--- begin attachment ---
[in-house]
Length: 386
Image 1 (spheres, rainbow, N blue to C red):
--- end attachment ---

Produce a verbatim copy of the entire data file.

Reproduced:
[in-house]
Length: 386
Image 1 (spheres, rainbow, N blue to C red):